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Showing posts from January, 2015

Ride Photos: 100K to Freshy Bay

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100Km out to Freshwater Bay and back today. So good to get some trail time in.


Wednesday Watch: New Hope Cranks - Behind The Scenes

Hope Cranks - Behind the Scenes from hopetech on Vimeo.

These look stunning! Love seeing the process too, what a piece of British engineering!

Wednesday Watch: Epecuén

More stunning film-work and riding from Danny Mac.

Hints and Tips: Carbon Bike Frame Protection

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Carbon bike frames are surprisingly robust; they can withstand big drops, heavy weights and constant pounding terrain. What they don't deal so well with, is chips; small pin point hits that tend to pierce the layering in the carbon and potentially weaken the weave.

Chipping on bike frames is most likely to occur in a few select areas: the chainstays and the downtube; where problems like chain slap and pebble dash are likely to bombard the frame. Luckily, there are a few cheap and neat tricks that you can do to protect your frame in these areas.


Chainstay Protection Most people know that the drive-side chainstay on a bike is vulnerable to chain slap; that annoying clacking as you ride over rough surfaces, and the chain bounces onto the stay. At best, it will chip the paint; at worst, it could cause more serious frame damage.

On any frame, it is worth protecting the chainstay on the drivetrain side of the bike. My preferred method is a stick-on protector like the Lizard Skins Carbo…

The Search For The Ultimate Commuter Bike

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2014 is fast fading into our memories, one thing that I will remember from it though, is the hours of fun on a bike - 815 hours (20,040 km), in absolute terms. Of those hours, around half of them were on my commuting bike: a battered and beaten, but strangely beautiful (to me at least) steel Peugeot - equipped with a vintage 7 speed drivetrain and pannier rack.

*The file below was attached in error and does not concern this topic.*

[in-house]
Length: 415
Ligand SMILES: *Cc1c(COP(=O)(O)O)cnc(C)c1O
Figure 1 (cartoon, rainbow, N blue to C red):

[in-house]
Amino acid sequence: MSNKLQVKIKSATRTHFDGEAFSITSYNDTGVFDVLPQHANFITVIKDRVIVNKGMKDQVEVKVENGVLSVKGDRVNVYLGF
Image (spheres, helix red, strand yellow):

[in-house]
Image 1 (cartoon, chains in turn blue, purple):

With so much time spent on that bike, I find myself constantly thinking about what the 'Ultimate Commuter Bike' would look like. Of course, you can commute on practically anything, from a single speed road bike to a fat bike (there are frequently both of these in the Wiggle bike shed); all you really need is two wheels to get you from A to B. Yet, there are always things that could be more comfortable, more practical and more 'fun'.

I've tried most bikes for commuting: at university, I spent a year commuting 15 miles a day on a single speed steel mountain bike, a real old beater. When I had knackered that,…

#MyGoal(s) for 2015

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MaxiNutrition asked me a few weeks back, what is #MyGoal for the 2015 season? It got me thinking. What do I really want to achieve in 2015 on the bike?

In order to try and make it a reasonably succinct reply, I came up with:

"Ride Further and Ride Faster in 2015" 

That could mean a whole host of things though, so here's what I mean in depth: